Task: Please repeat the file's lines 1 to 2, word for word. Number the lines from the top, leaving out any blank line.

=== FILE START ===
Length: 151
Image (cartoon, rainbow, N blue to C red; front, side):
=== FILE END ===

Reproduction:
Length: 151
Image (cartoon, rainbow, N blue to C red; front, side):